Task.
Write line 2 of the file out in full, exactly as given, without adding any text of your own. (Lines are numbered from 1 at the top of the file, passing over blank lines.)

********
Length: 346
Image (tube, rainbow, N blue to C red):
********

Image (tube, rainbow, N blue to C red):